Text: Himanshu Burte
We expect relatively sustainable buildings to look ‘different’. Khadke house (4000 square feet,six bedrooms), designed by Girish Doshi for Pune’s composite climate with its hot-dry summers, looks like any other elegant contemporary house designed by a very skilled architect. Built for a joint family that had earlier lived in a traditional wada in the old heart of Pune, it is designed like a wada but also has the usual modernist characteristics- white walls (inside and out), a simple cuboidal form, and the very contemporary accent of polished wooden elements in windows and related elements. These are not automatic markers of sustainable form. And yet, this building is actually much more sustainable than most others.
There are two innovations at work in the house. One is related to construction technique that saves energy intensive materials in the masonry and RCC work. Another is about inducing ventilation using wind towers.
Since the 1980s Doshi has perfected an innovative system of construction first developed by V. D. Joshi, a structural engineer who has collaborated with the eminent Ahmedabad architect, B. V. Doshi on many of his important projects. Khadke house has load-bearing hollow concrete block walls, with RCC stiffening columns with nominal steel at corners for earthquake resistance. Floor and roof slabs have two parts: the top 2 inch thick layer is a ferrocement slab, while the lower layer is 6 inch thick hollow concrete block. Beams are absorbed within the 8 inch thickness of the slab which ensures that there are no projections inside or outside.
The construction system has dual benefits. It saves a lot of cement and steel, and with its hollows, it also provides insulation from the outside heat. The absence of projections that this system allows is perfectly in tune with the value placed on smooth uninterrupted surfaces and forms in the modernist aesthetic that Doshi works with.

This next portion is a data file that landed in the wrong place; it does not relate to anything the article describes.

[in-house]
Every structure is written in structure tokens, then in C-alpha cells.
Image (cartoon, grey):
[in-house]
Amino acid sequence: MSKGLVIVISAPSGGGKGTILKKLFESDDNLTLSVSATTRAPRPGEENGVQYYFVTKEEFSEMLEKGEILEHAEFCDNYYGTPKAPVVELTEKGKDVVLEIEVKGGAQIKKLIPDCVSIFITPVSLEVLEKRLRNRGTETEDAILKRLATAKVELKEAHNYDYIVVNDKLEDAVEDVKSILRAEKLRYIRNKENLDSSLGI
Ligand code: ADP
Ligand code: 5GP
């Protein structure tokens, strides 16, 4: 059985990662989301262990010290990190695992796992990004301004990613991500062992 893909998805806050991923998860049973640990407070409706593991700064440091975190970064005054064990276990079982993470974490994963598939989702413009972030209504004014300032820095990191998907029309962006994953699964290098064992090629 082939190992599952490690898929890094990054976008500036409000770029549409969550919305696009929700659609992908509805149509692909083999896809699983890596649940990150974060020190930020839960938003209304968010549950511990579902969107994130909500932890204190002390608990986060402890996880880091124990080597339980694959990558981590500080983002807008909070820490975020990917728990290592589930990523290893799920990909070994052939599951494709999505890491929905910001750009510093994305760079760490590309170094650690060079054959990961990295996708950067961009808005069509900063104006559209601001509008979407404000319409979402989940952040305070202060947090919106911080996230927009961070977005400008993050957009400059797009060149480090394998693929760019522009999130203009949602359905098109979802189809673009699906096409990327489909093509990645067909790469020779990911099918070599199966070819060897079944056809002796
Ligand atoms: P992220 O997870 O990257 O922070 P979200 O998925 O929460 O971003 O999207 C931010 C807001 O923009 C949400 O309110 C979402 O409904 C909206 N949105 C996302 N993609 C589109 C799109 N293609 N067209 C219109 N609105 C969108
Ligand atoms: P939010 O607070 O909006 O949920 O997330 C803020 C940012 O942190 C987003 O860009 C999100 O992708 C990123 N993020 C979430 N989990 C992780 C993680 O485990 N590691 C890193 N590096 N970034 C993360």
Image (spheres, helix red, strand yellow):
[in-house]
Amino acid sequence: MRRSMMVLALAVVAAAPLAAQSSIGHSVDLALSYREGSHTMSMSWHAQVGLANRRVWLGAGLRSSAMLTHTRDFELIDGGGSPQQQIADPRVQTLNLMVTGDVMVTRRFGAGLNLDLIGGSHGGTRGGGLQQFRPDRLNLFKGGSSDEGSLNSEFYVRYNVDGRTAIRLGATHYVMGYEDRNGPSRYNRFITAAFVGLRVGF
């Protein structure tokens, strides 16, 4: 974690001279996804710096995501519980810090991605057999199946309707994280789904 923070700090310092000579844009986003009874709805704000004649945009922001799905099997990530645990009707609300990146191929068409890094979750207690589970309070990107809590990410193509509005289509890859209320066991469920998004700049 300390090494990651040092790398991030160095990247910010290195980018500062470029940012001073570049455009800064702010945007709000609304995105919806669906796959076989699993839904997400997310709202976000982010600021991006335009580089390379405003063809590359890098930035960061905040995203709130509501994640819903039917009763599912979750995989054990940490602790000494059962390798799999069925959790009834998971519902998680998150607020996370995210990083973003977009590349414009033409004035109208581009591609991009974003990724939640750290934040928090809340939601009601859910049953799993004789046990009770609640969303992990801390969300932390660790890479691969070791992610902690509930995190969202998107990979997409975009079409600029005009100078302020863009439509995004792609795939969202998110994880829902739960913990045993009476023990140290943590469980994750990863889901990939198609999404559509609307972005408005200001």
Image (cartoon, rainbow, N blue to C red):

While the construction system is something Doshi has used for a long time, he has recently started integrating wind towers along with other passive devices for ventilation into his designs where possible and appropriate.
Khadke house has four wind towers that catch breeze at a height and channel it down into different spaces. These towers have provisions for fountains at their base which would humidify (and cool) the incoming breeze before it blows into the adjacent spaces. The house plan is organized around a double height atrium whose glass roof strip is flanked by towers that have extractor fans activated by the natural upward movement of hot air. A good draft develops in the house since cool air from the wind towers comes into the interior space, gets heated up and rises up through the atrium. The greater the temperature difference between inside and outside, the stronger this cycle gets.
Doshi has also reexamined window design and has done away with glass in shutters. He has developed a low cill, two part (upper-lower), multilayered window detail with shutters in solid wood. The upper part of the window (starting at waist height) has no grill and can be kept open by day when the room is occupied by day. The lower part of the window has one external layer of wooden shutters and an inner shutter with wooden louvers to which is fixed a stainless steel mosquito mesh. A mild steel grill is fixed into the frame between the two layers. At night, the upper part is closed and the inner layer of the lower part opened which allows good ventilation. This is particularly appropriate for the bedrooms.
This is a consistently elegant design and a great resolution of many design issues involving wind towers and solar panels. One quibble could be that Doshi appears to be overcommitted to modernist aesthetics. Could an unplastered house not save significant amount of cement? However, building in Pune, Doshi’s options for unplastered construction are limited. Brick quality is bad in Maharashtra in general and stone is now prohibitively expensive. However, mud remains an option. If Doshi does explore that, it would be interesting to see what kind of aesthetic he would develop out of the constructional constraints and possibilities of that material.